World-Record Holder Ashton Eaton Wins Gold Medal in Decathlon
Ashton Eaton staked his claim as the world's best all-around athlete with his Olympic gold-medal victory in the decathlon on Thursday. Eaton clinched his victory with a sixth-place finish in Heat 2 of the 1,500-meter run.
Eaton needed to run 4:29.86 in the 1,500 meters for the Olympic record. His personal record is 4:14.48 from the Olympic trials in June. Instead, he ran a 4:33.59. This put him at 8,869 points overall.
Oregonian reporter Ken Goe had this to say following Eaton's victory:
Ashton Eaton wins gold medal in the decathlon, just misses the Olympic record#london2012— Ken Goe (@KenGoe) August 9, 2012
This shouldn't come as a surprise. Eaton broke Roman Sebrle's 9,026-point world record at the U.S. Olympic trials, becoming the second man to ever break the 9,000-point barrier.
His reputation skyrocketed after that performance, and anything less than a gold medal in London would have been a severe disappointment. Eaton didn't disappoint from the start, running a 10.35-second 100-meter dash on Wednesday in the decathlon's opening event.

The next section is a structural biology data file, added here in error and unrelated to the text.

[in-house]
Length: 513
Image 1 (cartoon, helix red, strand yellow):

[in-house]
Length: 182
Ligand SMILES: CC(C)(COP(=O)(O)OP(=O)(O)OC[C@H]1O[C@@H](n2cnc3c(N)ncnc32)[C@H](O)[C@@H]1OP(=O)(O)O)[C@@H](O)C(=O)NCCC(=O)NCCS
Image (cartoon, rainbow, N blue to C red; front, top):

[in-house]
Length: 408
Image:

Eaton continued that pace into the second event (long jump) with an 8.03-meter (26'4.25") leap. That jump earned him 1,068 points and put him at 2,079 overall.
The rest of Eaton's nine-event journey was "ho-hum" by his elite standards. He lacks brute strength and struggled in the shot put and discus, but he earned top-three finishes in the high jump, pole vault and javelin throw.
These finishes put him at 8,148 points overall entering Thursday's 1,500-meter run. Eaton is an established runner, and it wasn't hard to guess the outcome of Thursday's ultimate event.
This gold medal lands Eaton in elite territory among American athletes. He's right there with iconic Olympic athletes Dan O'Brien and Bruce Jenner as the top decathlete for Team USA.
If it isn't obvious already, the decathlon isn't for the faint of heart. Every one of these nine events presents a stiff challenge by itself, and combining them barely seems fair. Eaton put himself on the map in June at the Olympic trials, but this gold medal permanently etches his spot in history.
He's only 24 years old. There's no saying he's done here. The 2016 Summer Olympics in Rio de Janeiro should be on notice.
What is the duplicate article?
Why is this article offensive?
Where is this article plagiarized from?
Why is this article poorly edited?